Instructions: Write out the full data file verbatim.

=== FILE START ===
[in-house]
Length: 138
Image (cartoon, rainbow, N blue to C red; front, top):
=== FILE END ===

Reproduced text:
[in-house]
Length: 138
Image (cartoon, rainbow, N blue to C red; front, top):